Impoverished hero has a parent with a terrifying incurable disease like cancer/weak heart/renal failure/paralysis/all of these. Hero decides to become deadly criminal to make enough money to save loved one. Impoverished hero turned deadly criminal meets decent girl who teaches him the error of his ways with one or two inspirational songs. Reformed hero takes decent girl home to seek dying parent’s blessings for marriage, and finds that parent is struggling for life in hospital. Reformed hero has no money in hand, since he gave back all that he stole, thanks to his decent girl friend. Penniless hero cannot afford pharmaceutical products, and so he rushes to nearest religious shrine, where he delivers a stirring tirade against the resident deity or performs a very vigorous devotional dance number that culminates in bells clanging, thunder and lightning, earth shaking, and complete recovery of dying parent. Marriage between hero and decent girl then ensues.
With appropriate modifications, the same plot applies in case of impoverished heroine with dying parent. Except that, instead of becoming a deadly criminal, the impoverished heroine decides to sell herself to leering, pot-bellied businessmen.
5) The Even more Mind-boggling Divine Reunion, or, ‘Bhagwan tera laakh laakh shukar hai’.
Law-abiding parents with multiple offspring lead a blissful life in a cute cottage. One fine day, parents teach offspring their family’s signature song, just in case they get separated in the near future. Alternatively, they give each child one piece of a precious heirloom that must be worn around the neck at all times. Parents’ foresight proves sensible. One day later, they are slain by intruders. Children get dispersed across the nation, each is conveniently found and raised by nice couples who are conveniently childless themselves. Children grow up, all move to Bombay, and take up residences within walking distance of each other. So happens that all the villains who dispersed the children are also in Bombay, also within walking distance of each other. Eventually, villains and dispersed children wind up in the same room, children exchange verses of their signature song or join up their pieces of the family heirloom, and then proceed to slaughter villains, following which they saunter off into the sunset, without worrying about minor issues like the police and the law.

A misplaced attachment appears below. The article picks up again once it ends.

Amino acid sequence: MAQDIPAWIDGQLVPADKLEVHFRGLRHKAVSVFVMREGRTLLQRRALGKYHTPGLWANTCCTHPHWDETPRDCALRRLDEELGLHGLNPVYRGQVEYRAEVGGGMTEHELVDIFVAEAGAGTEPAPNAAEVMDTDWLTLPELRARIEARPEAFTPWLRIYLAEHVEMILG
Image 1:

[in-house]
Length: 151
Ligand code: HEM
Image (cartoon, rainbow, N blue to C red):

6) The Justice-seeking Relentless Reincarnation, or, “Janam janam ka saath hai”.
My personal favorite this. Nasty, greedy zamindar or lustful king casts his evil eyes on hapless hero’s real estate or his curvaceous girlfriend’s curves. Curvy girlfriend is molested or jumps off a cliff to prevent molestation, while hero is beaten, burnt, buried under rubble or meets a similar agonising death. An instant before agonising death, hero and/or girlfriend snarl at the villain and promise to return in the next life and keep returning in subsequent lives until justice is done.
A few years later, hero and curvy girlfriend reincarnate, and live in different parts of the country.
The reincarnated protagonists do not remember who they are, and lead normal lives. Until one day, due to a knock on the head, or a similar traumatising mechanism, they suddenly recollect intimate details about their past life. Then they both revisit the place of their death and proceed to search for the villain, who is now an aged man but still a lecher and a creep nevertheless. A ferocious showdown occurs and the villain is usually killed off by a chandelier or something equally heavy falling on his head or by impaling himself on a sharp object, so that the hero has no legal consequences.
Reincarnated hero and heroine then proceed to consummate their undying relationship and, presumably, stop reincarnating themselves henceforth.
Mix and match these plots in any manner you please, throw in an item number by Katrina Kaif, add a comedy scene by Mallika Sherawat speaking in English, and you can become a famous movie maker yourself. If SRK can, so can you!
Cheers … Srini.